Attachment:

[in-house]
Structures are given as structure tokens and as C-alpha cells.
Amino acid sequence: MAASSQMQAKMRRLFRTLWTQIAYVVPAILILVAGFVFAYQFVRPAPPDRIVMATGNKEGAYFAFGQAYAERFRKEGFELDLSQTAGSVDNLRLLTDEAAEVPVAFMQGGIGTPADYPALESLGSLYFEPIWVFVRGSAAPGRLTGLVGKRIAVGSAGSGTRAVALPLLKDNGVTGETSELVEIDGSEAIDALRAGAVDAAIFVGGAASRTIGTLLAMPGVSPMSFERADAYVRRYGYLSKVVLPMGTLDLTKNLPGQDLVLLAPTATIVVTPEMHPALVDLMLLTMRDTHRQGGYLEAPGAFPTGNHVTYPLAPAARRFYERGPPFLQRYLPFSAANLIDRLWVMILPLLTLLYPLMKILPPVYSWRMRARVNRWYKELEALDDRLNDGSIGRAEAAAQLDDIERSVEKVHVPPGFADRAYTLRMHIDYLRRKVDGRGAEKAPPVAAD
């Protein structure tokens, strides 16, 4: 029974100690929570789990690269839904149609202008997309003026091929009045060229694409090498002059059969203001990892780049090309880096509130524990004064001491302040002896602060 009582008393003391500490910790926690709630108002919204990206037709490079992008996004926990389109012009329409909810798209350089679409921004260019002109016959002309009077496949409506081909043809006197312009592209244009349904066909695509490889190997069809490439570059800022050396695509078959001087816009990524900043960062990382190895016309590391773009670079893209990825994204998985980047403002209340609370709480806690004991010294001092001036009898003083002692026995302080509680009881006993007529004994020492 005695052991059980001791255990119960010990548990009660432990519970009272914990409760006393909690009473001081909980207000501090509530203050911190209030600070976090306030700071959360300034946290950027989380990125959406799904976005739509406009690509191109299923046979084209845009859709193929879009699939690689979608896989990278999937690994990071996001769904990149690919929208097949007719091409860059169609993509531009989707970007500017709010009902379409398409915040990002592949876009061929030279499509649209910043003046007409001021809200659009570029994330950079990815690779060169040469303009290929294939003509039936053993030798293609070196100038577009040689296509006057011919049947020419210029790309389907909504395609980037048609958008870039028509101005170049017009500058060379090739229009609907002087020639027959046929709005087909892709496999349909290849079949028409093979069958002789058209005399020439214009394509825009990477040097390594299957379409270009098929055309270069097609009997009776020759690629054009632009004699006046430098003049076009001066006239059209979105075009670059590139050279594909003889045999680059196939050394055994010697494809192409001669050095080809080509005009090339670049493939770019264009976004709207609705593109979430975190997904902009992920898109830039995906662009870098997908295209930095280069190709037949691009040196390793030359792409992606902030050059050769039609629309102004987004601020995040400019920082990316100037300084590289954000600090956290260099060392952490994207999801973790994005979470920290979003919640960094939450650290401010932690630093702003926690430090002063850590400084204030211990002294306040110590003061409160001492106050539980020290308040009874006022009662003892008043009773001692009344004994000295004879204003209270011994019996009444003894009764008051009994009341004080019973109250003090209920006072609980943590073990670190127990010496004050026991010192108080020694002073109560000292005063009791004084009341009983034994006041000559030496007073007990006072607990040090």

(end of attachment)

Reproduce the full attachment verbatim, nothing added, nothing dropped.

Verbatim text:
[in-house]
Structures are given as structure tokens and as C-alpha cells.
Amino acid sequence: MAASSQMQAKMRRLFRTLWTQIAYVVPAILILVAGFVFAYQFVRPAPPDRIVMATGNKEGAYFAFGQAYAERFRKEGFELDLSQTAGSVDNLRLLTDEAAEVPVAFMQGGIGTPADYPALESLGSLYFEPIWVFVRGSAAPGRLTGLVGKRIAVGSAGSGTRAVALPLLKDNGVTGETSELVEIDGSEAIDALRAGAVDAAIFVGGAASRTIGTLLAMPGVSPMSFERADAYVRRYGYLSKVVLPMGTLDLTKNLPGQDLVLLAPTATIVVTPEMHPALVDLMLLTMRDTHRQGGYLEAPGAFPTGNHVTYPLAPAARRFYERGPPFLQRYLPFSAANLIDRLWVMILPLLTLLYPLMKILPPVYSWRMRARVNRWYKELEALDDRLNDGSIGRAEAAAQLDDIERSVEKVHVPPGFADRAYTLRMHIDYLRRKVDGRGAEKAPPVAAD
């Protein structure tokens, strides 16, 4: 029974100690929570789990690269839904149609202008997309003026091929009045060229694409090498002059059969203001990892780049090309880096509130524990004064001491302040002896602060 009582008393003391500490910790926690709630108002919204990206037709490079992008996004926990389109012009329409909810798209350089679409921004260019002109016959002309009077496949409506081909043809006197312009592209244009349904066909695509490889190997069809490439570059800022050396695509078959001087816009990524900043960062990382190895016309590391773009670079893209990825994204998985980047403002209340609370709480806690004991010294001092001036009898003083002692026995302080509680009881006993007529004994020492 005695052991059980001791255990119960010990548990009660432990519970009272914990409760006393909690009473001081909980207000501090509530203050911190209030600070976090306030700071959360300034946290950027989380990125959406799904976005739509406009690509191109299923046979084209845009859709193929879009699939690689979608896989990278999937690994990071996001769904990149690919929208097949007719091409860059169609993509531009989707970007500017709010009902379409398409915040990002592949876009061929030279499509649209910043003046007409001021809200659009570029994330950079990815690779060169040469303009290929294939003509039936053993030798293609070196100038577009040689296509006057011919049947020419210029790309389907909504395609980037048609958008870039028509101005170049017009500058060379090739229009609907002087020639027959046929709005087909892709496999349909290849079949028409093979069958002789058209005399020439214009394509825009990477040097390594299957379409270009098929055309270069097609009997009776020759690629054009632009004699006046430098003049076009001066006239059209979105075009670059590139050279594909003889045999680059196939050394055994010697494809192409001669050095080809080509005009090339670049493939770019264009976004709207609705593109979430975190997904902009992920898109830039995906662009870098997908295209930095280069190709037949691009040196390793030359792409992606902030050059050769039609629309102004987004601020995040400019920082990316100037300084590289954000600090956290260099060392952490994207999801973790994005979470920290979003919640960094939450650290401010932690630093702003926690430090002063850590400084204030211990002294306040110590003061409160001492106050539980020290308040009874006022009662003892008043009773001692009344004994000295004879204003209270011994019996009444003894009764008051009994009341004080019973109250003090209920006072609980943590073990670190127990010496004050026991010192108080020694002073109560000292005063009791004084009341009983034994006041000559030496007073007990006072607990040090």